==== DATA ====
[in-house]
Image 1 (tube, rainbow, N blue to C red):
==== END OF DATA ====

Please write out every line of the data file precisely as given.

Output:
[in-house]
Image 1 (tube, rainbow, N blue to C red):